Insulin resistance is associated with a low chronic inflammatory state. In this study we investigated the relationship between impaired insulin sensitivity and selected markers of inflammation and thrombin generation in obese healthy women. We examined 32 healthy obese women (body mass index ≥ 28), with normal insulin sensitivity (NIS, n = 14) or impaired insulin sensitivity (n = 18), and 10 nonobese women (body mass index < 25). Impaired insulin sensitivity patients had significantly higher levels of C-reactive protein (CRP), TGF-β1, plasminogen activator inhibitor-1 (PAI-1), activated factor VII (VIIa), and prothrombin fragment 1 + 2 (F1 + 2) compared with either control subjects or NIS patients. On the other hand, NIS patients had higher CRP, TGF-β1, PAI-1, and factor VIIa, but not F1 + 2, levels than controls. Significant inverse correlations were observed between the insulin sensitivity index and TGF-β1, CRP, PAI-1, factor VIIa, and F1 + 2 levels. Moreover, significant direct correlations were noted between TGF-β1 and CRP, PAI-1, factor VIIa, and F1 + 2 concentrations. Finally, multiple regressions revealed that TGF-β1 and the insulin sensitivity index were independently related to F1 + 2. Our results are the first to document an in vivo relationship between insulin sensitivity and coagulative activation in obesity. The elevated TGF-β1 levels detected in the obese population may provide a biochemical link between insulin resistance and an increased risk for cardiovascular disease.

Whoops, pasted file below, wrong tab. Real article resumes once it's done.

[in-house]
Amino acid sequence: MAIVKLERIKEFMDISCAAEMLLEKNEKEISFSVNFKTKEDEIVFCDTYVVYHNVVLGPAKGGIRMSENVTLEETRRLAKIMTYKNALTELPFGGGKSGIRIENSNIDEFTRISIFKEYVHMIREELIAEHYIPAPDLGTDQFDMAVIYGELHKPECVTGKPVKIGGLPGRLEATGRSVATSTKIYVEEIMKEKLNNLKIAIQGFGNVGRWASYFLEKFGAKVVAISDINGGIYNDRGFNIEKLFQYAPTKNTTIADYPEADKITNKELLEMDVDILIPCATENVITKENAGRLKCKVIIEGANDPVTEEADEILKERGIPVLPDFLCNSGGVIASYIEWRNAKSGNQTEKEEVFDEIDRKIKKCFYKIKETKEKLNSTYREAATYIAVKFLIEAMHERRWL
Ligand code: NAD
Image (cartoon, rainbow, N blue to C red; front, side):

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|Titolo:||Association of Inflammation Markers with Impaired Insulin Sensitivity and Coagulative Activation in Obese Healthy Women|
|Data di pubblicazione:||2003|
|Appare nella tipologia:||01a Articolo in rivista|